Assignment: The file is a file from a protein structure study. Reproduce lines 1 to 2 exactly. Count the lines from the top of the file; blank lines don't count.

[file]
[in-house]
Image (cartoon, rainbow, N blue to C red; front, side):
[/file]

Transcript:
[in-house]
Image (cartoon, rainbow, N blue to C red; front, side):